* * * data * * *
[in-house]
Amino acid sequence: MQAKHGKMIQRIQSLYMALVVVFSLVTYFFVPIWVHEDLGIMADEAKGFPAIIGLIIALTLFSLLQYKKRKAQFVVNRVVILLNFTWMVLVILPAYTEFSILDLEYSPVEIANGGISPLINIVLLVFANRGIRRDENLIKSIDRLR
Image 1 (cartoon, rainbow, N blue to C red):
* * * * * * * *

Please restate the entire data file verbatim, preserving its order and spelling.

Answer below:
[in-house]
Amino acid sequence: MQAKHGKMIQRIQSLYMALVVVFSLVTYFFVPIWVHEDLGIMADEAKGFPAIIGLIIALTLFSLLQYKKRKAQFVVNRVVILLNFTWMVLVILPAYTEFSILDLEYSPVEIANGGISPLINIVLLVFANRGIRRDENLIKSIDRLR
Image 1 (cartoon, rainbow, N blue to C red):